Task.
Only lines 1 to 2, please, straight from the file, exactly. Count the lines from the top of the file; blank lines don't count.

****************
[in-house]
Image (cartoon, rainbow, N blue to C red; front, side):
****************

[in-house]
Image (cartoon, rainbow, N blue to C red; front, side):